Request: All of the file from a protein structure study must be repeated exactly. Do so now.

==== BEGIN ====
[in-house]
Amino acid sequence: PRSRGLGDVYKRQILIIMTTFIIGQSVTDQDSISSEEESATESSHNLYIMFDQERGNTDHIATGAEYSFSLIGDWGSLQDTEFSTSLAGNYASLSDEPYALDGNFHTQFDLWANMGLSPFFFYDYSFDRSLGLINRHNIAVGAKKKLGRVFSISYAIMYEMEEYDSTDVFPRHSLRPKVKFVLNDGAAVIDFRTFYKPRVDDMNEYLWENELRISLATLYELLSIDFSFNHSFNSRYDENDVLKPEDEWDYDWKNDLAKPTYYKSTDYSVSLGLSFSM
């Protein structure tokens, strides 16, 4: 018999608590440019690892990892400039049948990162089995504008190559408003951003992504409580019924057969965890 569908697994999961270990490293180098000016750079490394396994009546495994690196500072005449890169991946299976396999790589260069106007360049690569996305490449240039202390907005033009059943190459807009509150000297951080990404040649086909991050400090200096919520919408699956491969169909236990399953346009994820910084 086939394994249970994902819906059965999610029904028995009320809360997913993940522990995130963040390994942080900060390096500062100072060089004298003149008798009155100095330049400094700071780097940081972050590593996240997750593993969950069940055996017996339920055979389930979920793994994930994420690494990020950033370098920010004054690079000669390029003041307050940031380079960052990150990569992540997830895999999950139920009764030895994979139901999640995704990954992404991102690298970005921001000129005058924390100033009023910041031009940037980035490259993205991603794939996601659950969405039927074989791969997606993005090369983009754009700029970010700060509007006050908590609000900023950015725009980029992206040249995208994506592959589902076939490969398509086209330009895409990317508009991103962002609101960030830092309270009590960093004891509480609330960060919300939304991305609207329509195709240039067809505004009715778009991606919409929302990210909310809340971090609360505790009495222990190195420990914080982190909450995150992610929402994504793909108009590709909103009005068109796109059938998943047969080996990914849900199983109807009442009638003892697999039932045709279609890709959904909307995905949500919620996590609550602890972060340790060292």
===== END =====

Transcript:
[in-house]
Amino acid sequence: PRSRGLGDVYKRQILIIMTTFIIGQSVTDQDSISSEEESATESSHNLYIMFDQERGNTDHIATGAEYSFSLIGDWGSLQDTEFSTSLAGNYASLSDEPYALDGNFHTQFDLWANMGLSPFFFYDYSFDRSLGLINRHNIAVGAKKKLGRVFSISYAIMYEMEEYDSTDVFPRHSLRPKVKFVLNDGAAVIDFRTFYKPRVDDMNEYLWENELRISLATLYELLSIDFSFNHSFNSRYDENDVLKPEDEWDYDWKNDLAKPTYYKSTDYSVSLGLSFSM
């Protein structure tokens, strides 16, 4: 018999608590440019690892990892400039049948990162089995504008190559408003951003992504409580019924057969965890 569908697994999961270990490293180098000016750079490394396994009546495994690196500072005449890169991946299976396999790589260069106007360049690569996305490449240039202390907005033009059943190459807009509150000297951080990404040649086909991050400090200096919520919408699956491969169909236990399953346009994820910084 086939394994249970994902819906059965999610029904028995009320809360997913993940522990995130963040390994942080900060390096500062100072060089004298003149008798009155100095330049400094700071780097940081972050590593996240997750593993969950069940055996017996339920055979389930979920793994994930994420690494990020950033370098920010004054690079000669390029003041307050940031380079960052990150990569992540997830895999999950139920009764030895994979139901999640995704990954992404991102690298970005921001000129005058924390100033009023910041031009940037980035490259993205991603794939996601659950969405039927074989791969997606993005090369983009754009700029970010700060509007006050908590609000900023950015725009980029992206040249995208994506592959589902076939490969398509086209330009895409990317508009991103962002609101960030830092309270009590960093004891509480609330960060919300939304991305609207329509195709240039067809505004009715778009991606919409929302990210909310809340971090609360505790009495222990190195420990914080982190909450995150992610929402994504793909108009590709909103009005068109796109059938998943047969080996990914849900199983109807009442009638003892697999039932045709279609890709959904909307995905949500919620996590609550602890972060340790060292």